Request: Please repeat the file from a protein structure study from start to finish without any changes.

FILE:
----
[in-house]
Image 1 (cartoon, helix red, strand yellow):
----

[in-house]
Image 1 (cartoon, helix red, strand yellow):